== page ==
A recent study published in Frontiers in Psychology finds that dyslexia is not a neurological disorder but rather a concession in having cognitive strengths in exploration, creativity and problem-solving.

Tandon agrees with this and says, “These kids are immensely talented and creative. They might take time to read and write but there are other fields in which they excel better than others.”

Sharing her experiences, she says that the pandemic had positive effects on these individuals. “During the pandemic, the sessions were conducted online, which helped many people to seek help and undergo therapy.”

Through online sessions, the relationship between the individual and the therapist grew stronger as more people availed the services because they could avoid the stigma around the disability. 

“Many people are afraid of being judged. During the lockdown, they could seek therapies from the comfort of their homes. For students who are bullied at school, the last two years were relatively easy as they could do all the work at their own pace without pressure”, she explains.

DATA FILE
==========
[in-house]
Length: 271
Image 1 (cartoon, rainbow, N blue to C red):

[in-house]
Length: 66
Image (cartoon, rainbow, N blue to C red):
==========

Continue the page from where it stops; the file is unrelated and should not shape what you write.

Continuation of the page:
For 22-year-old Sagar*, joining online language therapy during the pandemic was a great experience. He joined Tandon’s therapy sessions in 2021 on his sister’s suggestion. The therapy started with the basics: sounds of each alphabet and their pronunciations. 

“Though the education system has several provisions for us, it is better to join these sessions. Believe in yourself, and everything will work out”, he remarks. Sagar is an aspiring chef and is currently interning at a reputed hotel. He was found to be dyslexic in class 5. 

“It is good that my son had a good time during the therapies, but being glued to the phone or gadget is not good”, says Ritika Anand, whose son was diagnosed with autism and dyslexia. She is a Vice Principal at St Mark’s Senior Secondary Public School.

Taking account of her 12-year-old son, she thinks the pandemic had both positive and negative effects. As a parent, she wanted her kid to have more social interaction, which was lacking during the last two years. 

“I felt like he was lonely, and making friends was a big challenge as his interactions were limited only to the family”, she says.